5 events you have to check out this weekend

Published: Friday, July 12, 2013 @ 1:24 PM
Updated: Friday, July 12, 2013 @ 1:24 PM

Those looking for something different won’t have a hard time finding it this weekend.

Here are some of the area’s most unique annual events and a few we hope will return:


Teams with mud behind the ears — really the mud will be everywhere — will compete in the the 23rd annual Mud Volleyball for Epilepsy. Today (Friday, July 12) is the last day to register.

Spectators can watch the annual fundraiser for the Epilepsy Foundation of Western Ohio for a $5 donation. The mud will begin flying at 7 a.m. Saturday at Wegerzyn Gardens MetroPark, 1301 E. Siebenthaler Ave., in Dayton. Call 937-233-2500 or click here


The Rubi Girls are showing what’s in their closets. The drag troupe will have an open house at its new clubhouse, 1207 Wayne Avenue, in Dayton, from 5:30 p.m. to 7:30 p.m. today.

The campy performers have raised more than a million dollars for HIV and Lesbian, gay, bi-sexual and transgender issues since forming in the 1980s.

The open house is a fundraiser. The Girls will be accepting a “whatever you can do to help” donation at the door.


A whole lot of country and virtually no rock & roll will draw thousands to Fort Loramie for Country Concert at Hickory Hills Lake.

Click here to see some very patriotic clothing we spotted at the concert Thursday.

Music begins at 4 p.m. today and noon Saturday. Call (937) 295-3000 or click here.

Dierks Bentley, Little Big Town and Kellie Pickler will be among those to perform today. Chris Young, Brad Paisley, Lee Brice, Chris Cagle, Dustin Lynch and Jana Kramer will take the stage Saturday.

Upcoming band Blackjack Billy, which includes Fairmont High School grad Patrick Cornell, will perform Saturday at 3 p.m. and 7 p.m. on the Salon stage. Daily general admission ranges from $109 to $119. Click here for more info.


A chicken wing battle is going down Saturday, and the returning champ plans to come out with 10,000 wings flapping and covered in Sweet Hot Damn and other sauces.

Nick’s Restaurant, 1443 N. Detroit St. in Xenia, won five out of six categories — the people’s choice Best Damn Wing and the judges panel’s Best Wing and best sauce for Sweet Hot Damn included — at last year’s Kickin’ Chicken Wing Festival.

It will square its wings up against birds cooked up by eight other local restaurants during this year’s Kickin’ Chicken from 2 p.m. to 9 p.m. Saturday at the Fraze Pavilion, 695 Lincoln Park Blvd. in Kettering.

Admission is free and there will be music. Restaurants will sell two to three wings for $2 and sides for $1, $2 or $3 each. Click here to see what’s on the menu.


The Dayton Emerging Fashion Incubator (De-FI) will celebrate its launch with a party — “Fashion in the Mystic Garden” — Saturday at SunWatch Indian Village, 2301 W. River Road, Dayton.

A runway show will feature 9 designers.

General admission tickets are $45 each. There will be free shuttle from University of Dayton Arena beginning at 7 p.m. The doors will open at 7:30 p.m with the show starting at 8:00 p.m.

The organization hopes to foster Dayton’s fashion industry.

Read: Can Dayton become a fashion industry center?

So what are you doing this weekend? Let us know below.

Contact this blogger at arobinson@DaytonDailyNews.com or Twitter.com/DDNSmartMouth

Vasectomy didn’t stop Georgia couple from having a baby anyway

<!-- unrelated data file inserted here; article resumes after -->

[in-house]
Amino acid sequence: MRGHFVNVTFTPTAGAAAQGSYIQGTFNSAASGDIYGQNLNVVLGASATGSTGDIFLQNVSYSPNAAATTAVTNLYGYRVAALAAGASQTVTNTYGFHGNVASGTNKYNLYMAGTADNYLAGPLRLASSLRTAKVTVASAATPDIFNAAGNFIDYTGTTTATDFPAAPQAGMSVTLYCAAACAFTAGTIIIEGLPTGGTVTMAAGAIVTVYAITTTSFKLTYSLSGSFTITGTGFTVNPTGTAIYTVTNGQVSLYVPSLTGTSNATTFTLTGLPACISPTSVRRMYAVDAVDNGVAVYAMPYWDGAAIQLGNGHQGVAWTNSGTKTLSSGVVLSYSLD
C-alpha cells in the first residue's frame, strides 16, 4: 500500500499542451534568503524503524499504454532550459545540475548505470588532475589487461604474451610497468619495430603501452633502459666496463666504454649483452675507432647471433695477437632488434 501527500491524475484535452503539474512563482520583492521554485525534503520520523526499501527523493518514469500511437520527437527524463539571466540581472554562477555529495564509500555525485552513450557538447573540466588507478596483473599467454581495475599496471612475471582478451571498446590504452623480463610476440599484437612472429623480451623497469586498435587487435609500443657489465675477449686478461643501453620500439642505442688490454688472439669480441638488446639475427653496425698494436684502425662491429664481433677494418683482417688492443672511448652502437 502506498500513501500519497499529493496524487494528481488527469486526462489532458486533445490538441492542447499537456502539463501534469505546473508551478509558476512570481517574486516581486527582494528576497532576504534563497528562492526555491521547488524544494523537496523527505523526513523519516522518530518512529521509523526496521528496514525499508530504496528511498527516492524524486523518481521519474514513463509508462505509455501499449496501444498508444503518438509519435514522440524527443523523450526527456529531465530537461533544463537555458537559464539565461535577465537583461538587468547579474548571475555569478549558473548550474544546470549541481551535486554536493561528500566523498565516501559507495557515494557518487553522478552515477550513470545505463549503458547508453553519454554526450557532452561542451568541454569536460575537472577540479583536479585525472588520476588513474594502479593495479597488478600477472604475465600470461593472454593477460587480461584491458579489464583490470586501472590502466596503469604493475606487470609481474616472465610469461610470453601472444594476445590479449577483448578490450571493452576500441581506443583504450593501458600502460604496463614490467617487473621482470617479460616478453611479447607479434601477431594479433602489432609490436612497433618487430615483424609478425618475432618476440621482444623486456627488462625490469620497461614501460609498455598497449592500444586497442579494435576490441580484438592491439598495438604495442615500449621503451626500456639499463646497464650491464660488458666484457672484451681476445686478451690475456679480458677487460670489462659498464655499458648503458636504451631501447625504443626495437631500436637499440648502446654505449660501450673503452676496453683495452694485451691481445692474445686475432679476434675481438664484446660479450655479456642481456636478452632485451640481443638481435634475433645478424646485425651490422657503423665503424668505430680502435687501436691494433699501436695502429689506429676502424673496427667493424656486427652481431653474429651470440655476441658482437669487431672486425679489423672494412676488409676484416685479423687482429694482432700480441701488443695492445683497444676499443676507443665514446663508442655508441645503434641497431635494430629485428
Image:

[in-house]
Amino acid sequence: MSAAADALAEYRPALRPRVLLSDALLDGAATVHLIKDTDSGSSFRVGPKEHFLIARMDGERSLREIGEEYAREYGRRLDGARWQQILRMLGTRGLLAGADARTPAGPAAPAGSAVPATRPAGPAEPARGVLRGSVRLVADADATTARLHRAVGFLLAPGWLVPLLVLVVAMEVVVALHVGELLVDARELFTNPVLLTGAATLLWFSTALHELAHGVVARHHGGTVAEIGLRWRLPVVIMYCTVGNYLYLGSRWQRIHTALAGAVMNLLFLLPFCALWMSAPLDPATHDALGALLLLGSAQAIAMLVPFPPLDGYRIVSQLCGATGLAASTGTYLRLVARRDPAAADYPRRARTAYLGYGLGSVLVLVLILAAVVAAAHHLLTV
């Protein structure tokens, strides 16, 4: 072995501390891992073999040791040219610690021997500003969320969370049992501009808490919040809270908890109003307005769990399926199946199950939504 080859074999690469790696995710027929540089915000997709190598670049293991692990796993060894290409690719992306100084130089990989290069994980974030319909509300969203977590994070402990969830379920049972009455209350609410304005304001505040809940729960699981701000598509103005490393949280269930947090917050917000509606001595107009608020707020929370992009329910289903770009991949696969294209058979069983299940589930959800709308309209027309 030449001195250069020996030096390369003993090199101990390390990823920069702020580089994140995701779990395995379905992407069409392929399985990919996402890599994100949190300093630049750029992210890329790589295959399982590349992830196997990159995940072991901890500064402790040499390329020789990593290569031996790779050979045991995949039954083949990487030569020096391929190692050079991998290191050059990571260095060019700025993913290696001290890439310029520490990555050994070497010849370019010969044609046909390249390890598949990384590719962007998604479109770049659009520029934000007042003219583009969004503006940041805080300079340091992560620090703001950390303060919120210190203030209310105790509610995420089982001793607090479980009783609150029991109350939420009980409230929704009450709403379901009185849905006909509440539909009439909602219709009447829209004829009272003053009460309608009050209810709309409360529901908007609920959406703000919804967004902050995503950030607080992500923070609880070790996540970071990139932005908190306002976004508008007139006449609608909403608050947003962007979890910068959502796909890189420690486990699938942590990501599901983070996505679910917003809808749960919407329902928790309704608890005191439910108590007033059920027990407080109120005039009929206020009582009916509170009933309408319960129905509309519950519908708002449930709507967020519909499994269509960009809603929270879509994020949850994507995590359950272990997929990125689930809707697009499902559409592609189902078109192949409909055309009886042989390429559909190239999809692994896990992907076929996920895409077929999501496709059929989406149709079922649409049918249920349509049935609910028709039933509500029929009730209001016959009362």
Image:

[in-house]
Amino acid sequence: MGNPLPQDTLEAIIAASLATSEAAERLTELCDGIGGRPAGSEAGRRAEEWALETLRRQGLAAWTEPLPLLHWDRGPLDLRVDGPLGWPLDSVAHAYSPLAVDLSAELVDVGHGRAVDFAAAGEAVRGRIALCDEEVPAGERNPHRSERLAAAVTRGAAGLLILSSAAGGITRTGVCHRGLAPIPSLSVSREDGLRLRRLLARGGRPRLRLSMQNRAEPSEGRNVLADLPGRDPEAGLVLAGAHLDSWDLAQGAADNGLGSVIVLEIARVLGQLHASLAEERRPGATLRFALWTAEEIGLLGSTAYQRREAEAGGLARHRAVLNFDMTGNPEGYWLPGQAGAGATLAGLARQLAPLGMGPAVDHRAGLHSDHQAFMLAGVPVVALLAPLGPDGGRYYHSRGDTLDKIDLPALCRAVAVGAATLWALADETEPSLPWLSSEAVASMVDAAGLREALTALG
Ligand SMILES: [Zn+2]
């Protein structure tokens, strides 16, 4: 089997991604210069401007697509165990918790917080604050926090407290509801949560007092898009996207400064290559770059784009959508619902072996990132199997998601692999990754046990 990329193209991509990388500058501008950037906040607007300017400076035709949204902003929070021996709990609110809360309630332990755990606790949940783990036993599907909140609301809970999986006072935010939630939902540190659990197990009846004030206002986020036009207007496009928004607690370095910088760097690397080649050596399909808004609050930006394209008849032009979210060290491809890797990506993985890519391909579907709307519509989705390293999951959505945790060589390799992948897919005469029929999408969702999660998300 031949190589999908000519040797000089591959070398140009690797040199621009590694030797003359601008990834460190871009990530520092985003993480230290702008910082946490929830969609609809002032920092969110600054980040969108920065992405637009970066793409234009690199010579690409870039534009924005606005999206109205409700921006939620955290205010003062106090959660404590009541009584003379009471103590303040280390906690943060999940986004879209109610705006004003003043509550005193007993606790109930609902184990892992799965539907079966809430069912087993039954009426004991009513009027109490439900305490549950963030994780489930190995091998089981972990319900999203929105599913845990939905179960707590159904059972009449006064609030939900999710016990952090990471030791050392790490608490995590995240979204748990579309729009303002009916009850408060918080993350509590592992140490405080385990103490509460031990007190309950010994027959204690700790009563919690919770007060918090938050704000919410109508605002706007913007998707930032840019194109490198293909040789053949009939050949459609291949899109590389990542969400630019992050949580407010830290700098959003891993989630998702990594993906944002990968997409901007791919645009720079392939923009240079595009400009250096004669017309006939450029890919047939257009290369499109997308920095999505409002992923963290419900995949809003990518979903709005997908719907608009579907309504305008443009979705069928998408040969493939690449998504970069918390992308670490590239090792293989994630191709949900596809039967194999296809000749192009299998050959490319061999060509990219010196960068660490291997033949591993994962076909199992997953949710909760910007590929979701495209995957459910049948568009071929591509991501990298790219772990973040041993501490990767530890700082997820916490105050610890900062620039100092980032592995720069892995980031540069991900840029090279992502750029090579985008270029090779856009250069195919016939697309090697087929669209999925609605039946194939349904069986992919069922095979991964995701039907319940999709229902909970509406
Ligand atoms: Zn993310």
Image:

Published: Sunday, February 26, 2017 @ 10:21 AM
Updated: Sunday, February 26, 2017 @ 10:21 AM

            Vasectomy didn’t stop Georgia couple from having a baby anyway

You might remember the story of a Georgia woman, who was quite surprised to learn she was pregnant because her husband had had a vasectomy.

Well that couple has now welcomed their fourth child.

>> Read more trending news  

 Back in August, Tim Brummel posted a video on YouTube about the couple’s unlikely pregnancy.

The video starts with Tim explaining how he surprised his wife, Rachel King Brummel. He said for a few days, she had been "acting pregnant," feeling a bit nauseated, hungry and tired. They thought it was impossible, since Tim had recently undergone a vasectomy.


But when Tim called the doctor, he found out it was possible.

Before bed one night, he disabled the water in the house so that the toilets wouldn't flush. The next morning, he tested Rachel's urine in the toilet with a home pregnancy test when she wasn't around.

He broke the news to her with a card, flowers and the positive test.

Tim says there are not too many secrets these days – and that he’s happy to announce their son was born on Feb. 23.

The delivery went smoothly and both mother and baby are healthy and doing well.

They named him Merrit Andrew Brummel.

>> Need something to lift your spirits? Read more uplifting news 

“We had found out that the name Merrit meant ‘the little famous one’ and it just seemed to fit,” Tim said.


Tim said that even though Merrit may not have been in their plans, the couple is grateful for him and knows God has something special in store for him.

Dog chained up for 15 years gets new forever home

Published: Friday, February 24, 2017 @ 4:45 PM
Updated: Friday, February 24, 2017 @ 4:45 PM

            Dog chained up for 15 years gets new forever home

A dog named Bear spent most of his 15 years of life chained in a yard, until a non-profit animal rescue organization stepped in.

>> Read more trending stories

USA Today reported Friday that a lab mix named Bear was rescued by Guardians of Rescue, which was able to convince the dog's owners to surrender him.

"We received a call about a dog in need of a dog house," Robert Misseri, the founder and president of GOR, said in a statement, according to ABC News."But when we got there, it was even worse than that."

WNBC reported Jan. 23 that as the rescue group broke Bear's chain, he walked up to his rescuers wagging his tail. Soon after, the dog, who a spokesperson for GOR told ABC News had arthritis and heartworms, was taken to a vet for treatment and groomed.

His rescuers took Bear to the beach for the first time and treated him to a puppuccino after he was groomed and vetted.

Kerrie Rosenfeld adopted Bear Jan. 29 and posted a Facebook video with her new pup, beaming with pride and gratitude.

>> Need something to lift your spirits? Read more uplifting news